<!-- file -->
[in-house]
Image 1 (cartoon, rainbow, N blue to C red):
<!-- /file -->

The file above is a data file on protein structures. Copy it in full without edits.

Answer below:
[in-house]
Image 1 (cartoon, rainbow, N blue to C red):